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If all 3 roots of ##az^3+bz^2+cz+d=0## have negative real part

  1. Dec 3, 2015 #1
    1. The problem statement, all variables and given/known data

    Hi all!

    The problem is - 'find the condition that all roots of $$f(z)=az^3+bz^2+cz+d=0$$ have negative real part, where $$z$$ is a complex number'.

    The answer - $$a,b,d$$ have the same sign.

    2. Relevant equations


    3. The attempt at a solution
    Honestly, I have no clue about how to proceed. Here is what I tried- $$ f'(z)=3az^2+2bz+c$$, which at extrema gives the roots as $$z=\frac{-2b+/-\sqrt{(4b^2-12ac)}}{6a}$$. If the real part is negative, then $$\frac{-2b}{6a}<0$$, which implies that $$a,b$$ have the same sign. I am not sure if what I have done is right, and have no idea about proving the rest of it. Please help.
    Thanks in advance!!
     
  2. jcsd
  3. Dec 3, 2015 #2

    HallsofIvy

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    I don't see that "extrema" have anything to do with this. Are we to assume that the coefficients are real? You don't say that but I suspect it is assumed. In that case, roots come in complex complementary pairs. We can write them as u+ iv, u- iv, and w with u and w negative. So the equation must be of the form a(z- u- iv)(z- u+ iv)(z- w)= a((z-u)^2+ v^2)(z- w)= a(z^2- 2uz+ u^2+ v^2)(z- w)= az^3- (aw+ 2au)z^2+ (au^2+ av^2+ 2auw)z- (au^2w+ av^2w)= az^3+ bz^2+ cz+ d.
     
  4. Dec 3, 2015 #3
    Ok, I think I have it.

    Since $$z$$ is a complex number, $$f(z)$$ must have a complex root. As they occur in conjugate pairs, 2 out of 3 roots of f(z) must be imaginary. The remaining one shall be purely real (and obviously rational). Now, all three have negative real parts. So, lets name the roots-$$\alpha=-x+iy, \beta=-x-iy, \gamma=-k$$, where $$x,y,k>0$$. Now,since $$\alpha+\beta+\gamma=-b/a$$; we get (after substituting and a trivial simplification),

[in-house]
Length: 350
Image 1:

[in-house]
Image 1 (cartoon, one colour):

$$-(2x+k)=-b/a$$. As both x and k are positive, we get $$b/a>0$$ i.e. $$b$$ and $$a$$ are of same sign.(Which can also be arrived at with differentiation, as in my question)

    Now, $$\alpha\beta\gamma=-d/a$$, which after substitution and simplification gives-
    $$(-k)(x^2+y^2)=-d/a$$.

    As $$x^2+y^2$$ is always positive, multiplying with negative number $$(-k)$$ gives the LHS as negative. Thus, $$-d/a<0$$, implying $$d/a>0$$, and hence, $$a,d$$ have same sign.

    Combining above two results, $$a,b,d$$ have the same sign.
     
  5. Dec 3, 2015 #4

    Samy_A

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    It's not relevant to your solution, but why is it obvious that the real root is rational?
     
  6. Dec 3, 2015 #5

    Mark44

    Staff: Mentor

    Minor complaint about your layout: you are overusing LaTeX here, which is why you have so many lines with just a single character on them. For many of the things you wrote, inline LaTeX is a big improvement over standalone LaTeX. For inline, use ## at the beginning and end, instead of $$.
    Making this change, your second sentence below becomes:
    Isn't that an improvement?
     
  7. Dec 3, 2015 #6

    Ray Vickson

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    It might not be, if ##a##, ##b##, ##c## and/or ##d## are irrational.
     
  8. Dec 4, 2015 #7

    Samy_A

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    Thought so, thanks.
     
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